Wednesday, 10 May 2017 15:53

King's Town Players' save very best for last

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By Peter Hendra, Kingston Whig-Standard

For its final production of the year, King's Town Players turns to a novella many of us read in high school.

Of Mice and Men, written by John Steinbeck, tells the story of George (Zorba Dravillas) and Lennie (Clayton Garrett), two drifters moving from job to job as ranch hands in California all the while dreaming of having their own spread some day.

George, who's smart and protective of his friend, leads, while man-child Lennie, large and overly strong, but not smart, follows him wherever. The opening scene, in fact, lays out the dynamic of their relationship as George warns Lennie against drinking too much water.

The pair, who found trouble at their last jobs, have landed new ones at a plantation, where a host of characters await them. There's Candy (Craig Godfrey), the amiable one-handed handyman who feels old and useless, just like his dog. He buys into the pair's vision of someday having their own spread, and wants to join them by offering them his life savings. There's also Curley (Nikolas Yuen), the owner's bad-tempered son, who takes a dislike to Lennie, and his wife (Melissa Radford), who is lonely and wants to be anywhere other than where she is.

This particular production is being staged at Convocation Hall, inside Queen's University's Theological Hall, the second venue King's Town has been using in addition to the Kingston Yacht Club. This is not a small production, and Convocation Hall's stage offers plenty of room, which director Chris McKinnon uses effectively. I really liked the set, from the standalone door and frame of the bunkhouse to the cramped quarters of Crooks (Cassel Miles) inside the barn.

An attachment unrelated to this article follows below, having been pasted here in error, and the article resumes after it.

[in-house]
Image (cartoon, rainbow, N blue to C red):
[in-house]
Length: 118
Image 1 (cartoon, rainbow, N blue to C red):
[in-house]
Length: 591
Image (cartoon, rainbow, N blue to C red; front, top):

Then there are the two performances. As in-charge George, Dravillas delivers another intense performance, as he typically does. His George is always on alert, and never seems to relax because, when he does, bad things happen. George, though, changes as the play goes on, and Dravillas dials down his intensity accordingly.

Garrett, similarly, does a great job with Lennie, the man-child whose temper can't be controlled by anyone except George, not even himself. And a large man, Garrett looks as though he could, like Lennie, cause serious physical harm should he want to. That was evident in the scene in which Lennie is attacked by Curley -- you can see Garrett switch from glad to mad quickly.

I also like the desperation Godfrey's voice gives to Candy the handyman, while Radford's portrayal of Curley's mischievous wife was just the right balance of flirtatious and annoying.

While the script nowadays would seem dated, it certainly offers an interesting view of what life was like in the 1930s during the Great Depression, and how some things, like jealousy and hate, have never changed.

While I've liked most of King's Town's productions this year, I think this is the one I've enjoyed the most, and the standing ovation it received opening night was deserved.

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twitter.com/petehendra

Essentials

Of Mice and Men

Written by John Steinbeck

Directed by Chris McKinnon

A King's Town Players production running Wednesday to Saturday until May 13 at Convocation Hall inside the Theological Hall on Queen's University campus. The curtain rises at 7:30 p.m. for each performance. Tickets cost between $12 and $25.

George: Zorba Dravillas

Lennie: Clayton Garrett

Candy: Craig Godfrey

Slim: Jason Bowen

Carlson: Ben Hudson